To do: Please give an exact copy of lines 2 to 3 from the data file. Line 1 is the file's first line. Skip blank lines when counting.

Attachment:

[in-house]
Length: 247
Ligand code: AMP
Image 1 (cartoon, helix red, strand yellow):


Length: 247
Ligand code: AMP